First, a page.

Wow, that makes it a full 11 hour day (only noticed that now). And, my way home is quick. I just sit on the other side of the table and end up being home .

Now, there are two sides to that:

I personally get more distracted by work than by home, e.g. I enjoy working and what I do, so end up working more at home but cannot really escape work physically. But, I have enough confidence to turn things off if it is getting too much.

Finding the right balance is important. And, as long as you enjoy the work you are doing, working from home occasionally is fine. However, I actually enjoy being in the office too – even if I am alone in the office. Just to get away from home  Is that double minded?

I read “big brother’s” comment about life-life balance. There are so many discussions about what is right or wrong and I believe nothing is right or wrong as long as it works for you (and ultimately for the person you work for). If you cannot turn off the laptop when it’s time and you cannot turn off your blackberry when needed, then you do need to work on your priorities. You need to enjoy what you are doing, that is really the key.

How does your life life or work life balance work? Can you turn off. We continue with that next week. Yet, I work a lot more from home these days, and I manage to turn off better but I have a new focus: kids. They give me the reason to switch off when it is time and then occasionally I go back to my desk.

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Energy Levels (1 of 4)

This is yet another chapter. For productivity of life, this is probably one of the most important chapters ever. It is about how to conserve energy. How to gain more energy. Energy levels are one of the most important things in life. The more energy you have, the more you get done.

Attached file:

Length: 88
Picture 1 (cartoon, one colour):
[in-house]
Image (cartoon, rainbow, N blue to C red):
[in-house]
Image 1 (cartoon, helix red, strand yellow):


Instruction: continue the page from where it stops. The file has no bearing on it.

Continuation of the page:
Let’s do a little exercise for your “frame of mind”:

Sit down and think you are really demotivated, tired and down. Let your whole body sink in and feel awful and sad. Do you notice how you sink into yourself and feel like doing nothing?

Now sit upright. Smile. Think of your latest holiday or anything that was a great experience, celebrate in your head. Do you notice how your smile and body posture gets you into a better mood; are you ready to conquer the world? You have more energy, right?

If you want to take it further, whilst being in the latter mood, try to think of something sad, whilst maintaining to smile. Try it. It is difficult, isn’t it?

Now I am not suggesting you should run around all day smiling and grinning – of course you can – but maybe having a lot more smiles on your face generally throughout the day or when you feel a bit saddened or annoyed, might just help you make it through the day.  A smile goes a long way. Be enthusiastic about life, about what you do and what you have achieved. Be proud!

There is a book about energy levels by Tony Schwartz called The way we are working is not working (Schwartz, Tony with Jean Gomes and Catherine McCarthy, Ph.D. (2010), The Way We’re Working is not working, Simon & Schuster UK Ltd, London). In his book, Tony suggests that you should never work for more than 90 minutes and then take a break. He supports that with a lot of research on Ultradian cycles and suggests that your energy household depends on a lot of things. Ultradian cycles are natural high and low energy cycles your body goes through. After every 90 minutes of work you should have a renewal phase where you meditate, nap or listen to music. Or you go to the gym, a run or a walk.